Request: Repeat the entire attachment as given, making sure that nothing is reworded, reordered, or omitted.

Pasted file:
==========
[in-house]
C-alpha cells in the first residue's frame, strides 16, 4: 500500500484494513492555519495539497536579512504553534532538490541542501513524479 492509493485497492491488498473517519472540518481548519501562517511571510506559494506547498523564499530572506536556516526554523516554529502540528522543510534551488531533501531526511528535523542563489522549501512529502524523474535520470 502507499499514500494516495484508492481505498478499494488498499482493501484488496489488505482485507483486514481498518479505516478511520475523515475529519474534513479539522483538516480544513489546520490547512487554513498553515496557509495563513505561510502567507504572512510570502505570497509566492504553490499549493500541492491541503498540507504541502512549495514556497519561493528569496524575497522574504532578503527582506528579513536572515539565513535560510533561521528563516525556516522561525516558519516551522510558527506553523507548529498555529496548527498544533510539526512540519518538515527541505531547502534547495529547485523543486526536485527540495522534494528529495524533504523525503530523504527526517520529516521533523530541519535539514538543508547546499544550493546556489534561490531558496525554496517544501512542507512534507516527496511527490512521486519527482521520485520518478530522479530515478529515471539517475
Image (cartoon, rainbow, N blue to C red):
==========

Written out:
[in-house]
C-alpha cells in the first residue's frame, strides 16, 4: 500500500484494513492555519495539497536579512504553534532538490541542501513524479 492509493485497492491488498473517519472540518481548519501562517511571510506559494506547498523564499530572506536556516526554523516554529502540528522543510534551488531533501531526511528535523542563489522549501512529502524523474535520470 502507499499514500494516495484508492481505498478499494488498499482493501484488496489488505482485507483486514481498518479505516478511520475523515475529519474534513479539522483538516480544513489546520490547512487554513498553515496557509495563513505561510502567507504572512510570502505570497509566492504553490499549493500541492491541503498540507504541502512549495514556497519561493528569496524575497522574504532578503527582506528579513536572515539565513535560510533561521528563516525556516522561525516558519516551522510558527506553523507548529498555529496548527498544533510539526512540519518538515527541505531547502534547495529547485523543486526536485527540495522534494528529495524533504523525503530523504527526517520529516521533523530541519535539514538543508547546499544550493546556489534561490531558496525554496517544501512542507512534507516527496511527490512521486519527482521520485520518478530522479530515478529515471539517475
Image (cartoon, rainbow, N blue to C red):